The next concern is all of the string wirings within the array (see photo 1). Typically, the cabling is PV wire 2000-volt rated and approved for direct burial and sunlight-resistant resistance. Some installers will cable to the combiners underground while others will install cable tray systems currently allowed by the 2014 NEC. Don’t forget to apply the requirements in Article 392 (Cable Trays). Proper cable support for the exposed cabling is important for these large systems and can involve hundreds of thousands of cable ties. If you are asking for a listed/certified product, the appropriate UL Standard is 62275 (Cable Management Systems – Cable Ties for Electrical Installations). Additionally, with some PV module technology, like thin-film, you will have more single strings associated with the installation and the contractor will parallel these single strings before terminating at the DC combiners. These DC harnesses will be listed to UL 9703 (Distributed Generation Wiring Harnesses) and have in-line fuses, all of which are sealed, listed/certified to UL 2579 (see photo 3). Also, if the installer is fabricating his own jumpers and installing “Recognized Components,” you will need to decide whether to allow the contractor to proceed on his own (no oversight for this unlisted component) or have him provide some verification by an independent third-party field evaluation. With all of the thousands of connections and the velocity of the project, I recommend oversight at the beginning by a qualified NRTL following the manufacturer’s installation instructions with all the appropriate tools. This will eliminate most of the common mistakes encountered, including the use of incorrect tools or improper techniques, and provides the contractor with a little education in the importance of properly terminating 1000-volt connectors.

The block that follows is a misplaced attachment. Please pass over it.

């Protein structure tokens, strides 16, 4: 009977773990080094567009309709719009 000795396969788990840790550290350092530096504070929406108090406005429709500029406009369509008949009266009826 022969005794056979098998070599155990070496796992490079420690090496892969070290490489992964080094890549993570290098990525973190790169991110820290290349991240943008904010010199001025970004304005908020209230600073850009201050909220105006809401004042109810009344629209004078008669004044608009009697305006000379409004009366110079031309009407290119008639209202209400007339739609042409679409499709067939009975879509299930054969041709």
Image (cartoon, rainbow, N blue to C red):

Photo 2
Photo 2. UL 2703 listed/certified solar racking system


Photo 3
Photo 3. DC harnesses listed/certified to UL 9703


The DC Combiner